Ebola virus disease

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Ebola is a viral disease that rapidly presents symptoms after a subject has been come in contact with the virus. These symptoms are common among tropical diseases thus rendering diagnosis particularly difficult. Ebola is transmitted through the passage of body fluids from an infected individual; this refers to direct contact or contact with an object that has previously been contaminated by someone who is host to the virus.

The Ebola virus is part of the family Filoviridae. The Ebola virus genome is single stranded negative sense RNA. It is 19 kb in size. The genome has 7 open reading frames coding for the 7 or 8 known structural proteins. The first case of the Ebola disease was recorded in Sudan and Zaire in 1976. Since then the number of outbreaks of the diease has continued to increase.



It has been suggested that Fruit bats are the resevoir for the Ebola virus. The bats can only transmit Ebola to humans by direct contact with the bat excretions or saliva. Futhermore, it is known that non-human primates can be infected with Ebola, they can then transmit the virus to humans. Again this is only through contact witht the animal's bodily fluids. These outbreaks seem to happen at the end of the rainy season in Sub-Saharan Africa. 

Pathogenisis and Pathology

Once individual is infected with Ebola dessimation and necrosis of the organs occurs. This generally tends to occur in the Liver, Spleen and Kidneys where there are high levels of the virus. In all these organs there is an increase in vascular permeability due to damage of the Endothelial Cells. TNFα and other various interleukins which are pro-inflammatory cytokines are all involved in the pathogensis of Ebola. Filoviruses are also thought to surpress the hosts adaptive immune response. DIC is a secreted virus glycoprotien, it is thought to stop IFN and also antiviral RNA interference. 


As stated, the symptoms of EVD (Ebola virus disease) are similar to other tropical diseases such as Dengue fever and Malaria. The National Health Service (NHS) of the UK report that “A person infected with Ebola virus will typically develop a fever, a headache, joint and muscle pain, a sore throat and intense muscle weakness”.[1]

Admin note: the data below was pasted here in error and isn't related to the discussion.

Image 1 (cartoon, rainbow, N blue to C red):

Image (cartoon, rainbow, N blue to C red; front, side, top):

These symptoms are also presented in many non-fatal diseases however the mortality rate of EVD is particularly high. The World Health Organisation (WHO) states “the average EVA case fatality rate is around 50%”[2] whereas the NHS claim a figure of 50-90% of cases.[3] Given the high mortality rate and ease of transmission to those in a close proximity a swift EVD diagnosis is often not only critical for the patient but also others.


The process in which someone is diagnosed with EVD is difficult because of the generic nature of the symptoms and the severity of the disease. Without many distinguishable symptoms EVD is open to be misdiagnosed as another disease and an inappropriate treatment and care plan could be administered. The severity of the disease also increases the complexity of diagnosis as those who are presenting symptoms but go undiagnosed are encouraged to ring forward rather than visit a physician so they can remain in isolation until the proper arrangements for treatment and care can be made. Diseases that are transmitted through bodily fluids are notorious for rapid outbreaks within close-knit clinical settings. This can be observed by the rapid outbreak in West African countries whom may not have the facilities or infrastructure in place to pre-emptively isolate patients appropriately.

The Centre for Disease Control (CDC) is a public health institution based in America devoted to the prevention and control of disease; they present a concise table on their website stating the diagnostic tests available to ebola sufferers based upon the length of time a patient has been infected with the virus.


The diagnostic tests presented by the CDC involve handling the body fluids and tissues of those who have been infected with the disease and thusly amplify risk of transmission if not carried out safely.

Preventions and Precautions

Resevoir control is important; this means avoiding contact with bats. It is advised to not enter caves and mines in endemic areas. Also humans working with infected non-human primates should wear protective clothing similar to those which healthcare staff wear when treating an infected individual. 

Currently, Ebola has no licensed treatment available so precautionary measures are emphasised to contain outbreaks and prevent the spread of disease. This includes patient isolation which forms the backbone of many plans put into place by governments around the world. Hospitals will implement the technique of strict barrier nursing. Even after all these strict precautions healthcare staff are still most at risk. In light of the outbreak in March 2014 the UK Prime Minister, David Cameron, has allegedly “urged other European countries to start Ebola screenings at airports” [5]. This approach is formulated on the understanding that the 2014 outbreak originated in West Africa and that European countries are at minimal risk due to being a great distance from the site of origin [6][7].


  1. http://www.nhs.uk/Conditions/ebola-virus/Pages/Symptoms.aspx
  2. http://www.who.int/mediacentre/factsheets/fs103/en/
  3. http://www.nhs.uk/Conditions/ebola-virus/Pages/Symptoms.aspx
  4. http://www.cdc.gov/vhf/ebola/diagnosis/
  5. http://www.bbc.co.uk/news/uk-29654823
  6. Farrar J et al. 2014. Manson's Tropical Diseases. United States. 23rd ed. Elsevier Saunders.
  7. Collier L et al. 2011. Human Virology. 4th Ed. Oxford. Oxford University Press.

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